The Answers! Part Two
July 19, 2011 — Thanks for all of your great questions!! NASA’s Leland Melvin has taken 20 of HTE readers’ questions … and here are the answers! Thanks to everyone who submitted! For today and the next two days, between now and when Atlantis touches down, we will be posting 5 of the questions with answers.
6. How is an astronaut’s suit different from a deep sea suit?
Tyler, age 12, NY
Well, I’ve never worn a deep sea suit, but I would imagine they have many similarities. The whole idea is to have a self-contained environment that provides protection and a habitat for the astronaut or argonaut. Things like heaters, coolers and water are available through the suit to keep the wearer safe and comfortable while outside the primary vehicle.
7. Do you see more stars in space?
Noah, age 10, Canada
You do. Just like when you’re in the mountains and far from a city, you can see more stars. The light found on Earth often makes stars harder to see. Did you know that each star is a sun?
8. Why did you want to be an astronaut when you grew up?
Erik, age 6, Canada
I didn’t even think about being an astronaut when I was young. I liked science and building things, and I also liked sports. I was a professional football player right after I graduated from college, but I hurt my leg and had to stop playing. I went back to school for my master’s degree and then got a job at NASA’s Langley Research Center as a scientist. About ten years later, I applied for the astronaut corps and was accepted. I flew on the space shuttle Atlantis in 2008 and 2009.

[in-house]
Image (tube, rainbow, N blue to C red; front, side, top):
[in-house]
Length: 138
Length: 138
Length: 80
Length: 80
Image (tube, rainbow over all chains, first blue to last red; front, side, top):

9. How do they select team members for flight? And what are the physical and mental demands of being an astronaut?
Luc, age 10, Canada
The flight crews are selected based on what needs to happen during a particular mission and who has the best skills to do those things. Astronauts have to be healthy and in good physical shape to fly. They also have to understand technical things and be able to work with other people as a team.
10. Why does the International Space Station orbit Earth?
Mitchell, age 8, New York
We assembled the International Space Station in low-Earth orbit, about 240 miles above our planet. In that part of space, the station is in a state of free fall or microgravity and orbits the Earth at almost 18,000 miles an hour. Learning how humans, things and processes work in the low-Earth orbit region of space is helping us learn things we need to know to continue our exploration deeper into space.
Thanks for sending such great questions, kids! I hope you will study science and math, listen to your parents and teachers, and live a healthy and fit lifestyle. Doing these things will allow you to reach higher, to excel and to become the next generation of explorers!
Reach for the Stars,